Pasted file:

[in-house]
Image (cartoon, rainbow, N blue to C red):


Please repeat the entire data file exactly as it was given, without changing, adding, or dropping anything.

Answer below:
[in-house]
Image (cartoon, rainbow, N blue to C red):